by Jacqui Graham
Source: Island Grandparent
Originally Published: August 2019
I recently read an article presenting the theory that grandparents who are raising grandchildren tend to live longer.
I would dispute this. In the two and a half years since my husband and I moved to the Comox Valley to be near our grandkids, we have aged noticeably.
While we are not responsible for the day-to-day care of these delightful descendants we are frequently summoned for duty—for instance, when our daughter texts at 2:25 p.m. to inform us that she is unavoidably detained and could we please pick the kids up from school at 3:00 p.m., feed them a snack, and amuse them until she can collect them at 4:30 p.m.?
The responsible and dedicated grandparents immediately abandon their plans for the afternoon—napping, say, or scrubbing out the recycling bin, or picking aphids off the rose bushes—to rush to the school and collect the little darlings.
This is not as easy as it sounds.
The first challenge is to survive the drive home. The two youngsters in the backseat are fighting over whose turn it is to play games on Grandma’s laptop. The young teen in the front seat is complaining loudly about the “old person” music on the radio, as she changes it to her favourite pop station. The backseat argument is settled by Grandma’s decree that today is a “no screens day” and NEITHER of them gets to use her laptop. The kid riding shotgun is informed that she has 30 seconds to return the radio to Grandma’s classic rock station. Furthermore, everybody better pipe down or they can all get out and walk!
This subdues them briefly.
The 7-year old recovers first, and regales Grandma with a blow-by-blow description of her school day. Her memory is prodigious. In the five-minute drive home I learn more than I ever wanted to know about the habits and social interactions of second graders. Meanwhile, the other two quietly squabble about who gets to play with the cat.
Snack time is complicated by the fact that the oldest is on a grain-free and dairy-free diet, the youngest will only eat rice crackers and goat cheese, and we have run out of Honey Nut Chex for the middle kid.
Once they have been fed and watered, however, peace reigns. The two oldest hunker down with the cat and our collection of Calvin and Hobbes cartoon anthologies. I sigh and head for the coffee pot.
Then the youngest says those three little words all grandparents dread:
“Grandma, I’m bored.”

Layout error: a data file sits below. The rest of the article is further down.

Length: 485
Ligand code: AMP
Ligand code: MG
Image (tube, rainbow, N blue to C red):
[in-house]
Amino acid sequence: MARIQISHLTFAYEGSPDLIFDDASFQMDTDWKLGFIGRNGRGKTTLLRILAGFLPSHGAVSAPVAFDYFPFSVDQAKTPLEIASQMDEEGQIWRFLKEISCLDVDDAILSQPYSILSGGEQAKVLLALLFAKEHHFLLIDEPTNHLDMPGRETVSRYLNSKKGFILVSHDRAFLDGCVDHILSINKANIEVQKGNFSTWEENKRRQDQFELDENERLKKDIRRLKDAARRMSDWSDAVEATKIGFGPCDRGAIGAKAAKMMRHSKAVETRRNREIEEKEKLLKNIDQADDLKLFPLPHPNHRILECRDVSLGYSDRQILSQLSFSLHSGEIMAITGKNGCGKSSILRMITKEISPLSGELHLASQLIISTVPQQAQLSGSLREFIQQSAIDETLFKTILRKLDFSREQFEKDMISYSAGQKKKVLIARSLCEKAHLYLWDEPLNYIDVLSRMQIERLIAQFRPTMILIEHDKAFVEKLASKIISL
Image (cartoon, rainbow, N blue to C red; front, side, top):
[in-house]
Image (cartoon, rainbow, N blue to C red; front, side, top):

I offer suggestions: we could draw pictures, or do a jigsaw puzzle, or read another chapter of Winnie the Pooh, or pick aphids off the rose bushes…?
None of those things are INTERESTING. Then her face lights up.
“I know, Grandma! Let’s play Hopscotch in the Dark.”
I fear the worst.
“Hopscotch In the Dark,” I remark calmly. “I’m not familiar with that game.”
“That’s because I just made it up,” she says.
In case you ever want to play Hopscotch in the Dark, here is how it goes.
First, you need:
• One child (hereafter referred to as Player One)
• One Grandma (hereafter referred to as Player Two)
• Nine hula hoops from Grandma’s Magic Closet (a story for another day!)
• One flashlight
• Three small projectiles: buttons, bottle caps, or (ideally) the beanbags Grandpa uses for juggling
• A large family room
1. Arrange hula hoops on the floor in a random pattern.
2. Turn out the light.
3. Turn on the light. The flashlight doesn’t work, and it’s scary in the dark.
4. Find batteries for the flashlight.
5. Turn out the light.
6. Turn on the light. There are strange noises in the room.
7. Eject cat from room.
8. Turn out the light.
9. Player One shines the flashlight on the hoops, while Player Two tosses the three objects into the hoops of her choice.
10. Player Two now hops from hoop to hoop on one foot, collecting the objects, while Player One helpfully shines the flashlight into her eyes.
11. Players switch roles.
12. When this gets boring, move on to a variation called “Follow The Light,” in which the hopper navigates a series of long jumps, sudden turns, and switchbacks devised by the fiendish flashlight wielder.
13. Continue playing until someone gets bored, or someone passes out, or Mommy arrives.
14. Say goodbye to Player One and her siblings.
15. Lie down.
I would like to propose a new theory.
Grandparents raising their grandchildren don’t live longer.
It just seems longer.
Jacqui Graham has six grown kids and eight delightful grandkids age 6 months to 11 years. If she had known how much fun grandkids would be, she would have had them first!
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